Department: Mechanical & Aerospace Engineering
Research Institute Affiliation: Graduate Program in Materials Science and Engineering
Faculty Advisor(s): Gene Yeo

Primary Student
Name: David Allen Nelles
Email: dnelles@ucsd.edu
Phone: 858-534-9322
Grad Year: 2016

RNA-programmed genome editing using CRISPR/Cas9 from Streptococcus pyogenes (spCas9) has enabled rapid and accessible alteration of any genomic locus in a variety of organisms. As a result, a genome engineering revolution supported by spCas9 is expected to provide unparalleled means to correct genetic disease and design custom organisms. In contrast, there is currently no accessible means to target and alter arbitrary RNAs in living cells. An analogous means to target RNA would allow alteration and imaging of endogenous RNA transcripts in order to assess or alter RNA processing in healthy and diseased cells. But there currently exist no flexible means to target an RNA-of-choice. Recent work has demonstrated the ability of spCas9 to bind RNA in purified cell extracts while avoiding encoding DNA and we have recently achieved recognition of RNA in living cells programmed by a pair of nucleic acids in combination with nuclease-inactive spCas9 fused to fluorescent proteins. This approach supports tracking of endogenous RNAs with RNA-targeted Cas9 (RCas9) signal distributions that correlate highly with fluorescence in situ hybridization. We have also tracked RNA translocation in living cells to stress granules. Our results establish RCas9 as a means to bind and track RNA in living cells in a programmable manner without the requirement of genetically encoded tags and indicates the potential of spCas9 as a means to manipulate the transcriptome in addition to the genome.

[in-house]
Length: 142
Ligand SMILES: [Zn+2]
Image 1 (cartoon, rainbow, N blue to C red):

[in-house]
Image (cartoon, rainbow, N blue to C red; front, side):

Industry Application Area(s)
Life Sciences/Medical Devices & Instruments

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